However, I’m still relieved to have had insurance. You often hear complaints about NHS waiting lists for chronic conditions, but that trauma care in the NHS is great. Well… yes and no.
My first operation to fix one of my broken legs, on the day of the accident, was expertly done on the NHS. However, I was then told that I would have to wait four weeks for my shattered hip socket and broken pelvis to be reconstructed. A waiting list for trauma cases? This is unheard of in any other Western country. I switched to private health cover, and had the second operation done four days later. The surgeon said that if I’d waited the four weeks, I might as well have not bothered with the operation, with the distinct possibility of amputation.
Having worked in HR for many years and initiated such benefits as private health insurance, it is quite salutary to now be using them to such effect. I can say with some confidence that my insurance probably made the difference between having a 75 per cent-functional leg, and not having one at all.
I was lucky to have a stable and high-performing team of HR professionals working with me. Our management development process at B&Q identifies ’emergency successors’, so one of my direct team stepped into the role of acting HR director with ease.
The whole team raised its game in my absence and has grown and developed from the experience. The acting HR director especially has had the development experience of a lifetime and it has both prepared him and given him the appetite for having the top job himself. In fact, he will shortly be taking up a major HR director role, unfortunately outside the Kingfisher Group.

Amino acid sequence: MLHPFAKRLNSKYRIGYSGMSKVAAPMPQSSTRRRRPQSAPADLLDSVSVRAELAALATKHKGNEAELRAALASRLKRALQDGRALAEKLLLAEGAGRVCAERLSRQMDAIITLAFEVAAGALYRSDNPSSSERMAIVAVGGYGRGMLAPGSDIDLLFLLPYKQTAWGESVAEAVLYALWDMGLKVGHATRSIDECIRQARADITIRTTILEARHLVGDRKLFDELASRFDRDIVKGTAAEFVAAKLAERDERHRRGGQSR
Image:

I’m not sure that these are exactly the right words, but without mutual trust, respect and loyalty, things would not have gone so well. As I gradually recovered, both in hospital and at home, there was a growing temptation to try to reassert my involvement in the HR function and on the board. But I could resist because of the calibre of my team at B&Q, and the relationships I had with each of them.
You can’t anticipate and prepare for such an experience, but building a team that has solid relationships and trust certainly lays the right foundations.
You know occasionally you have those late night conversations about what you would do if you won the lottery? Would I give up work completely? Would I chase the perfect work-life balance?
I’ve just faced that opportunity. I am sure that some people in my situation would ‘choose’ to be unable to do their jobs, and settle for financial security. But I found myself drawn like a magnet back to my job. Just as much as I wanted to be able to throw a rugby ball around with my two sons again, I wanted to pick up the reins of HR director at B&Q.
I’ve been surprised by how much I am defined by my job. Some of this is to do with B&Q, which is a great company to work for, and I feel very at home there. But it’s also about realising that I still have a lot more to give, and I don’t think I’m finished just yet.
It sounds corny, but when you nearly die, you ponder your legacy. You need a reason to recover from severe injury, and it involves at least 50 per cent mind as well as body. I would have anticipated that my family would be reason number one, but I was interested to discover how high my work featured as well.
Quite what that means for the future, I don’t know. After 25 years of my career, I was beginning to see myself as having fulfilled my ambition. But perhaps not just yet.